Greek landscapes through the spectrum of crisis. An ethnographic approach to perceptions and meanings of insular landscape in times of recession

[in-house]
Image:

The Greek crisis in 2010 was a rupture spread across all aspects of the country’s social milieu causing a discontinuity in its evolutionary course. This abrupt shift of society was transmitted to its produced space, namely landscape, through the changes in institutional structures, livelihood and both individual and collective cognition. My thesis’ aim is to examine the interplay between landscape perception and spatial practice within the emerged reality of crisis. I focused on the crisis impact upon two interconverted phenomena, the way people perceive and experience their landscapes and the way they act upon them. The main interest was the process they (perception and practice) inform each other by reciprocal reactions, producing and reproducing the landscape. The spotlight was on landscapes that are both rural and tourist, on the premise that Greece, without an industrial economy, has been promoting agriculture and tourism as the crisis exodus plan, —both significant factors of landscape change. My research centred on the island of Naxos, where agriculture and tourism have an equal share in local life and economy, defining the island’s landscape; also, tourism is not overdeveloped like in adjacent islands. In my thesis, landscape is construed as Lefebvre’s spatial triad (1991) of perceived, conceived and lived: (society’s) spatial practice, (experts’) representations of space and (users’) representational spaces. On this basis, I aimed to explore the Naxiótes’ perceptions of their landscapes, their assigned meanings and their translation into landscape practice and impact, within the social context of crisis. My theoretical apparatus was Moscovici’s theory of social representations (1963) assisted by Vaisey’s dual process model of culture in action (2009). I employed ethnographic methods: a six-month stay on site as a marginal native in 2013, gathering data via participation, observation, in-depth interviews (unstructured, go-along, casual individual and group conversations) and local media. In addition, I spent two weeks on the island in 2017, for a follow-up, to add a temporal aspect to my research. My field experiences were also a vital part of my research, hence I incorporated them in my thesis. Data analysis unveiled three groups of social representations that feed into landscape perceptions and meanings: attachment, production and relations. Attachment included topophília, connection to the land and local identity; production consisted of self-sufficiency, entrepreneurship and short-termism; kinship, collectivity and conflict were under relations. Common among all groups was the crisis representation in 2013: the island’s immunity to it as no effect had endured. This narrative was reversed in 2017 among the farming and tourism stakeholders, but not the administrative ones. The umbilical cord to their tópos, as home, roots and identity, was broken by escapism. Self-sufficiency as a recipe for entrepreneurship and success was mutated into a survival path. So did short-termism, by converting from a representation of otherness to an open life strategy. Relation dynamics exhibited tension too, predominantly the representation of conflict. In contrast, kinship and collectivity remained as significant as in 2013. A distinct outcome that emerged from my analysis above was the discrepancies between people’s verbal accounts and habitual practices, which I discussed through Vaisey’s heuristic. The social representations that I identified as informative to the meaning the Naxiótes assign to their landscape, were forced into a transformative process by the crisis. People’s discursive consciousness (justification) had adapted to the new reality, however, their practical consciousness (motivation) was yet to attune. Their landscape perception has been changing, but not their landscape practice; yet.
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